Monday, June 28, 2010

More TN commuters choose buses, trains to save money and go green

By Derek Moy • THE TENNESSEAN • June 28, 2010

After Tami Giles saved money by riding the Spring Hill Express bus service to work in Nashville, she wanted to recruit other passengers to keep the service going.

"I started the first day, and we had like five people,'' Giles said of the bus route that began in December. Giles, who works for the state Department of Tourist Development, asked for fliers to post on every floor of her building to spread the word about the new route.

"Now, it's like, 'Oh my gosh, now I don't have a seat,'' she joked. "No, it hasn't gotten that bad.''

But interest in regional public transit appears to be on the rise, according to the Regional Transportation Authority.

There are more riders using bus services to get to Nashville from Williamson and Rutherford counties, and the Music City Star, the commuter rail service connecting Lebanon and Nashville, also reports an increase in passengers.

The transit authority said more people are trying public transportation because of the environment, aggressive marketing of the bus routes and new businesses signing up for the EasyRide program, which allows employers to pay for their staffs to ride.

"Most of the people who are riding are people who work downtown, and before the (Spring Hill Express) was available, these customers were either driving their cars or carpooling with co-workers or neighbors, so this is a better deal,'' said Patricia Harris-Morehead, spokeswoman for the Regional Transit Authority. "They're saving money. They're helping the environment, and they're promoting public transit."

When the Spring Hill Express began, there were 386 passenger trips in December, but by April that number had risen to 938. On the Franklin/Brentwood route there were 1,026 commuters in December, compared with 1,657 in April.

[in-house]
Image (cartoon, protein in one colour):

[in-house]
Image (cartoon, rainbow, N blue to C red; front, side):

'Positive, small step'
"It's a very positive, small step in developing public transportation for the region,'' said Paul Webb, a Brentwood city commissioner who serves as the city's representative on the regional transit authority.

A regional bus ride costs $3.50 per ride or $60 for a 20-ride pass.

Harris-Morehead thinks both new bus routes will continue to grow.

"You need to give new service at least a year to see if consumers are going to ride the service, and you need to market the service aggressively, and we've been doing that," she said. "It is growing very well, and it's growing at a rate that's similar to other regional routes that we put out there in the past."

On the Nashville/Murfreesboro Relax & Ride Express there were 6,700 passenger trips in April, compared with 5,950 during the same time last year.

For the Music City Star, 841 passenger trips were recorded in April, compared with 588 during the same time last year. The train is still in need of financial help, and the RTA board and finance committee are attempting to secure permanent funding for it, officials said.

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